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The K6 was widely used to replace K1s and K3 and by the end of production, there were nearly 70,000 K6s in Britain. The K7 was not adopted as a new design and only 5 were made.

Many areas didn't approve of the red and so were allowed to paint them in alternative colour schemes (although these days, most of them have been returned to red! Now into the 1960's and the GPO were considering a new design. In 1965, another competiton was held to design a new kiosk, the K8.

Things were still to change, over the next few years many different designs of telephone kiosk were looked at but none chosen as kiosks for the country.

In 1985, the most radical change was to happen, British Telecom announced there would be a major improvement to the public telephone service and introduced the 'KX' range.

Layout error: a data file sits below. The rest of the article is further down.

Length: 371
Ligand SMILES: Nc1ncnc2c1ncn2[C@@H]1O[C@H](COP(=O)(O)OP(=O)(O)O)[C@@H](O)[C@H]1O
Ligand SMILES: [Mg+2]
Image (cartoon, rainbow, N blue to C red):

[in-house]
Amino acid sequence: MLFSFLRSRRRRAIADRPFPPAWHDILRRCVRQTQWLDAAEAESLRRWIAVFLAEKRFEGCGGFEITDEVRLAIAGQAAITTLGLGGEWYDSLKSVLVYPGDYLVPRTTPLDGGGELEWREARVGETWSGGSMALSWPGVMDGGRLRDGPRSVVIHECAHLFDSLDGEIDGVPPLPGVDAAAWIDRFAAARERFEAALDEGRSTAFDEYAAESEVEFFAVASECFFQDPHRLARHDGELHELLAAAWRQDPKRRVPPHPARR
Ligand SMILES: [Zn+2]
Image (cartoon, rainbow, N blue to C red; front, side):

With the K3s still at large and problems occuring with them, a new cast iron box was needed and in 1936 the K6 appeared for the first time on the streets.

For a brief time, the K8 was painted yellow but this didn't last and they were soon returned to red.

Vandalism was always a problem with telephone boxes and during the 70s British Telecom made another modification to the K6, many kiosks had their glazing bars ripped out and had a single piece of glass put in like the K8.

Of the street kiosks, there were many different designs, often localised to specific towns, Birmingham & Norwich each producing their own designs.

In 1921, the first standard kiosk would appear, the 'K1'.

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